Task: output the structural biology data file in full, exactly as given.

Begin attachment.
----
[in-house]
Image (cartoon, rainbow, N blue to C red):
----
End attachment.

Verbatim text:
[in-house]
Image (cartoon, rainbow, N blue to C red):